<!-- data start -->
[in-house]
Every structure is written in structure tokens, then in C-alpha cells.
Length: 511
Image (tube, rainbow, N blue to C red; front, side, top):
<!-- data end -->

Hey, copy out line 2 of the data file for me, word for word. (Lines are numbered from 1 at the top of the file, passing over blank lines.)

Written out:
Every structure is written in structure tokens, then in C-alpha cells.